Pretty straight forward and actually an enjoyable process – Now let’s look at the selling cycle, and then we can look for areas of potential friction.
The Selling Cycle

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The selling cycle is the mindset that the customer has relative to entering into a negotiation or making a buying decision. The toughest part of the selling cycle for many sales representatives since it is oriented towards the customers mindset of buying, the customer does not give a damn about your forecast, or sales goals, or the last conversation management had with the sales representative. These five steps in the selling cycle is a means for a professional to understand where they are at relative to their customers needs.


Let’s look at the five components in greater depth,

  1. Uninterested. The customer is satisfied with his current state, and is not motivated to advance a commercial relationship. This is where developing a good relationship with the customer and being a resource is powerful. A best practice of sales is having a foundational knowledge of your clients business – begin now. Another high gain component of sales is earning trust start becoming a resource to the prospective customer.
  2. Low Interest. The beginning of the felt unease in a customer. The customer sees that the present state is not ideal, and the question for them is, is it worth the journey to disrupt the status quo? Your insights and support important during this period.
  3. Motivated. This is where I have fallen on my face. The customer is motivated, and it is time to move fast, but the customer is still research and comparing alternatives. Go at his pace while also facilitating the best decision making process. Great sales equals effective guidance on sound decision making.
  4. Convinced. The customer knows he is going to make the decision, and he knows his decision. It is up to the sales person to manage the selling company’s internal business processes and put an agreement in place that is of mutual benefit.
  5. Committed. Easiest and often the hardest part of the sale. Don’t talk past the sales close; let the customer think about the deal, and let him agree to the deal. A committed customer wants a sales person to close quickly while giving them time to think. A slow close of a deal is similar to eating at a great restaurant and not being able to get the check at the end of a fabulous meal.

Let’s now consider the buying and selling cycle together in diagram 4.

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Going back to Tony’s quote, “Nobody wakes up in the morning and decides to have a terrible buying experience!” It is the sales persons involvement in the process that makes it into a great or terrible experience, and specifically, it is not being aligned with the customers buying cycle.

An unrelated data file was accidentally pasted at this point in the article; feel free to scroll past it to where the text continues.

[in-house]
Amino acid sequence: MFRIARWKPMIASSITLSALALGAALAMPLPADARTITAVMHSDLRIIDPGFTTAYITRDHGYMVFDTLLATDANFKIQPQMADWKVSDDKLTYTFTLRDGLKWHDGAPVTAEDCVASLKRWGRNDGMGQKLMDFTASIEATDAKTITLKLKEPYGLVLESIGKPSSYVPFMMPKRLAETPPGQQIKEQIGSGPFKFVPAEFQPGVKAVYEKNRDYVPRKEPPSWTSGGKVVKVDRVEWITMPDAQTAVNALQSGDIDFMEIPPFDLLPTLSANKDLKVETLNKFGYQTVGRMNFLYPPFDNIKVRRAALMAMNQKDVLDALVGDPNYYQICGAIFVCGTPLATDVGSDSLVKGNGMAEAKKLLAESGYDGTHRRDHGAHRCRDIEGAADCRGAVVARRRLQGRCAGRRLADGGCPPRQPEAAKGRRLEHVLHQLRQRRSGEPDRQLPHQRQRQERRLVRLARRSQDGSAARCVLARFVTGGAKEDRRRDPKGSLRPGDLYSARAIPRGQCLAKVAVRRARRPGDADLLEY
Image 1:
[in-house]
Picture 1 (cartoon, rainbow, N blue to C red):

You are selling the treasure, the customer values it highly enough to trade money for your product. By aligning with his process, and then facilitating a mutually profitable transaction, the sales person is providing tremendous value to everyone and in a predictable manner.

Another mentor in selling is Rick Madison, I asked Rick what makes a great sales person, he told me that it is really basic, “Be predictable to your customers. Follow-up when you promise, and keep your word.” I know Rick does much more than that personally and with his team, but it does give a flavor of being a professional and stay close to the buying/selling cycle.

The Triad of Success (CPR)

This is probably the most valuable sales tool that I have used in my career. I was in a meeting with the owners of a micro surfacing business several years ago. The customer was not hearing a single word that I was saying, and it was getting really annoying and frustrating because I new what I wanted. Listed below is the Triad of Success in Diagram 5, and helps identify the focus for high performing sales.

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Whenever a sales call or a meeting with customers begins to go poorly, try to take a thirty second time out – Even if the customer is talking (usually a bad idea). Immediately evaluate the triad for success. Often times the focus has moved towards the needs of the sellers business and away from what are the challenges facing the customer. Looking at the world from the customers point of view makes conversations much better.

Let’s review the three components of the triad,


  1. Focus on the CUSTOMER (the C in the CPR moniker). Stephen Covey is someone that my business partner, Dave Henderson often refers to, and specifically, the concept of “first seek to understand and then seek to be understood.” In industrial sales, customers are depending on products, technology, and service to work, and there is consequences when the product does not perform. First seek to understand their situation. You may not be able to do everything that the customer wants, but at least an important component of human interaction is being taken care of by you: showing respect to the person with the problem.